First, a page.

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An onslaught of controversial policies, coupled by widespread media sensationalism, seems to have overwhelmed the American electorate.
At first, perhaps, we called our congresspeople - but how many of us have stuck with it? How many of us, pledging anew to get involved, to resist, to advocate, have done so, sustainably and effectively? Being politically active is suddenly en vogue, but many of us forget that these are battles others have waged for a long time.
Among these many battles include treatment of underdocumented individuals and families. In the last several months, in response to regressive politics, there has been a resurgence in advocacy regarding DACA, pathways to citizenship, among other relevant issues. But the fight for security and opportunity has long been waged.
December 18th is International Migrants’ Day, a day authorized by the United Nations in 2016 to recognize the courage of those who have sought out better lives. This day is a built-in call to action, a moment we should be forced to reflect: what is it that we have done and continue to do to help our fellow citizens of the world? This question hits close to home for me, as I recognize my own productive advocacy continues to diminish.
I grew up in Athens, Georgia, the home of the University of Georgia. As a high school junior in 2011, I had no interest in applying to UGA, citing its proximity. Soon this proximity would have new meaning, as I learned that Policy 4.1.6., approved by the University System of Georgia’s Board of Regents, systematically excluded underdocumented applicants. Most states have regressive admittance policies, which require underdocumented students to pay out-of-state or even international tuition rates, but the university system’s was particularly harsh: no admittance, at all. This meant that while I’d casually shrugged off the idea of going to UGA, it was not even an option for many of my classmates, who too had grown up with the university in their backyard.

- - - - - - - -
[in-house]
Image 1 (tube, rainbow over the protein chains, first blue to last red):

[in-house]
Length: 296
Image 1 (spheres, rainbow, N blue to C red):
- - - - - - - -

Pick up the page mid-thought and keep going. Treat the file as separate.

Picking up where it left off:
In 2012, inspired by the work others in my community were already doing and by my relationships with underdocumented peers, I sought to develop a local ideas festival to support underdocumented students, through discursive and fundraising efforts. Together we developed DREAMFest, a local ideas festival centered on supporting underdocumented students in my communities.
Through remarkable efforts by many people, including my educator Ian Altman and the DREAMTeam, our Clarke Central High School group established DREAMFest, which was a success in its initial year. There were many challenges, as I struggled to find the right balance between advocate and ally. Local idea festivals are special because they are student-centered. Throughout the process I learned and continue to grapple with today, the uncomfortable juxtaposition between empowering and supporting others in their own quest to self-empowerment. In the national dialogue today, this is something too often forgotten. I don’t have many of these answers, but I do know that effective allyship requires constant self-reflection and recognition of one’s own social location. DREAMFest raised a good amount money, helped bring light to an important conversation, and spurred sustained student-led advocacy.
It has been my pride and delight to see DREAMFest remain a part of my community, each year bringing a new and different incarnation more committed to lifting up the voices of underdocumented students. It has evolved from the series of panels and benefit concerts into open forums, musical acts, and storytelling by brave students. Each year has been unique and authentic.
I am particularly inspired by the efforts of U-Lead, a community organization that developed around the same time as the first DREAMFest, in which community members support underdocumented students’ quest for educational opportunity, through education, scholarships, and many other kinds of support. Although the University System of Georgia’s regressive policies still stand, U-Lead has worked alongside motivated students with remarkable results. They started with about 15 volunteers and have since grown exponentially, to about 50-60 volunteers each week. This year, U-Lead has funded 43 students with over $130,000 in scholarships.
In spite of limited structural change, many organizations continue to do good work in Athens. There are things we can do, too, regardless of where we are. Here are some tangible suggestions, offered by U-Lead Director JoBeth Allen:
We can learn about pending legislation, both positively and negatively affecting immigrants, and make regular phone calls to legislators;
We can make friends at work, school, community events etc. with members of the undocumented immigrant community and be there for them in times of crisis. Follow their lead in navigating social systems, provide stability for their children, and advocate for them if they are detained or deported;
We can work side-by-side immigrants in faith-based and community organizations to address local policies.
I was raised alongside students with varying levels of documentation. My life and education has been enriched by this diversity of perspective and experience. As International Migrants’ Day approaches, we must remember the ways we have benefited by those around us - those labeled most recently as “migrants.” And we must double down on efforts to be useful and productive.
This practice of fearmongering catches us when we are complacent, and complacence is compliance. Let us commit ourselves to a practice of radical inclusion, recognizing the bravery of those who seek a better life, and the good fortune we have to work alongside them.